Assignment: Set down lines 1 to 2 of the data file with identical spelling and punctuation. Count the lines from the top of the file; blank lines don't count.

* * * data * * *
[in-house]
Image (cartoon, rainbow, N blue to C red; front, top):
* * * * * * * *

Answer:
[in-house]
Image (cartoon, rainbow, N blue to C red; front, top):